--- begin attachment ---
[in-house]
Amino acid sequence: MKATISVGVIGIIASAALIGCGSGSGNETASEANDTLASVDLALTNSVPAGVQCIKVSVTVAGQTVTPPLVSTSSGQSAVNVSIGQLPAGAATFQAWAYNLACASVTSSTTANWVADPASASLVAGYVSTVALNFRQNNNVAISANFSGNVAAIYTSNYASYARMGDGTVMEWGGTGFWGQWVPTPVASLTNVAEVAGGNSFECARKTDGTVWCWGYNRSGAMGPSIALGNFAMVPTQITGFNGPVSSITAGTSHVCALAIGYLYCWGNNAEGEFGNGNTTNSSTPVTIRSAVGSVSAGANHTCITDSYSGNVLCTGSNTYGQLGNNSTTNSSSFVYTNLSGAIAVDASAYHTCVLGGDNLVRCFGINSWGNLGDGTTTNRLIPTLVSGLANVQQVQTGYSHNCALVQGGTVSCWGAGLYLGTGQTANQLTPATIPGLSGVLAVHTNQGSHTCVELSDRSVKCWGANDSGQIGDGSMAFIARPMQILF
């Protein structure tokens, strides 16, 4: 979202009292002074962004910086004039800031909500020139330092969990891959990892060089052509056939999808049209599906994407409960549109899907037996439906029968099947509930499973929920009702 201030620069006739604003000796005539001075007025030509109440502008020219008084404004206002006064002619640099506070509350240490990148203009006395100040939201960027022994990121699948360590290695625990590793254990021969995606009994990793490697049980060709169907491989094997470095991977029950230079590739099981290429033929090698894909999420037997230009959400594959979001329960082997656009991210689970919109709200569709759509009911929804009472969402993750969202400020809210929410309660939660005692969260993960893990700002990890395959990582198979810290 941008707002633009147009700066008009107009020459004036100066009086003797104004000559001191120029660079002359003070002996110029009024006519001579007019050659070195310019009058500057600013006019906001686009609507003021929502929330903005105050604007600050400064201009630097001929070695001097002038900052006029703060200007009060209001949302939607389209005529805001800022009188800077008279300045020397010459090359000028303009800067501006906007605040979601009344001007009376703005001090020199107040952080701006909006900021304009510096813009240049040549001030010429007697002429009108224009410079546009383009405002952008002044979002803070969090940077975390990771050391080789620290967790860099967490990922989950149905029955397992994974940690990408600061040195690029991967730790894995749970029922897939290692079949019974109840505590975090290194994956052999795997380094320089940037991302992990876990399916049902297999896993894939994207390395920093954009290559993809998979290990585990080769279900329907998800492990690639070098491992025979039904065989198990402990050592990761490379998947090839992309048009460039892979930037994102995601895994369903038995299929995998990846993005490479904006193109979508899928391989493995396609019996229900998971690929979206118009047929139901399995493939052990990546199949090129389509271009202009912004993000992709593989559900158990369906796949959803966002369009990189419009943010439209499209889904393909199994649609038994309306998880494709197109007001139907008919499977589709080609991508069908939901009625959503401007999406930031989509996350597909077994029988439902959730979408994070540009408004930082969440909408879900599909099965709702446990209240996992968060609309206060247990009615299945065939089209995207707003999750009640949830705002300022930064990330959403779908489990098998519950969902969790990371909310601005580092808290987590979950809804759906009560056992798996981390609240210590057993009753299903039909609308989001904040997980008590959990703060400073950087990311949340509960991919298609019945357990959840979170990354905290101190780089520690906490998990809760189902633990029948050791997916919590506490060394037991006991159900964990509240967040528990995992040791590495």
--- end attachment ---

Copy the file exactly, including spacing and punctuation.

[in-house]
Amino acid sequence: MKATISVGVIGIIASAALIGCGSGSGNETASEANDTLASVDLALTNSVPAGVQCIKVSVTVAGQTVTPPLVSTSSGQSAVNVSIGQLPAGAATFQAWAYNLACASVTSSTTANWVADPASASLVAGYVSTVALNFRQNNNVAISANFSGNVAAIYTSNYASYARMGDGTVMEWGGTGFWGQWVPTPVASLTNVAEVAGGNSFECARKTDGTVWCWGYNRSGAMGPSIALGNFAMVPTQITGFNGPVSSITAGTSHVCALAIGYLYCWGNNAEGEFGNGNTTNSSTPVTIRSAVGSVSAGANHTCITDSYSGNVLCTGSNTYGQLGNNSTTNSSSFVYTNLSGAIAVDASAYHTCVLGGDNLVRCFGINSWGNLGDGTTTNRLIPTLVSGLANVQQVQTGYSHNCALVQGGTVSCWGAGLYLGTGQTANQLTPATIPGLSGVLAVHTNQGSHTCVELSDRSVKCWGANDSGQIGDGSMAFIARPMQILF
């Protein structure tokens, strides 16, 4: 979202009292002074962004910086004039800031909500020139330092969990891959990892060089052509056939999808049209599906994407409960549109899907037996439906029968099947509930499973929920009702 201030620069006739604003000796005539001075007025030509109440502008020219008084404004206002006064002619640099506070509350240490990148203009006395100040939201960027022994990121699948360590290695625990590793254990021969995606009994990793490697049980060709169907491989094997470095991977029950230079590739099981290429033929090698894909999420037997230009959400594959979001329960082997656009991210689970919109709200569709759509009911929804009472969402993750969202400020809210929410309660939660005692969260993960893990700002990890395959990582198979810290 941008707002633009147009700066008009107009020459004036100066009086003797104004000559001191120029660079002359003070002996110029009024006519001579007019050659070195310019009058500057600013006019906001686009609507003021929502929330903005105050604007600050400064201009630097001929070695001097002038900052006029703060200007009060209001949302939607389209005529805001800022009188800077008279300045020397010459090359000028303009800067501006906007605040979601009344001007009376703005001090020199107040952080701006909006900021304009510096813009240049040549001030010429007697002429009108224009410079546009383009405002952008002044979002803070969090940077975390990771050391080789620290967790860099967490990922989950149905029955397992994974940690990408600061040195690029991967730790894995749970029922897939290692079949019974109840505590975090290194994956052999795997380094320089940037991302992990876990399916049902297999896993894939994207390395920093954009290559993809998979290990585990080769279900329907998800492990690639070098491992025979039904065989198990402990050592990761490379998947090839992309048009460039892979930037994102995601895994369903038995299929995998990846993005490479904006193109979508899928391989493995396609019996229900998971690929979206118009047929139901399995493939052990990546199949090129389509271009202009912004993000992709593989559900158990369906796949959803966002369009990189419009943010439209499209889904393909199994649609038994309306998880494709197109007001139907008919499977589709080609991508069908939901009625959503401007999406930031989509996350597909077994029988439902959730979408994070540009408004930082969440909408879900599909099965709702446990209240996992968060609309206060247990009615299945065939089209995207707003999750009640949830705002300022930064990330959403779908489990098998519950969902969790990371909310601005580092808290987590979950809804759906009560056992798996981390609240210590057993009753299903039909609308989001904040997980008590959990703060400073950087990311949340509960991919298609019945357990959840979170990354905290101190780089520690906490998990809760189902633990029948050791997916919590506490060394037991006991159900964990509240967040528990995992040791590495």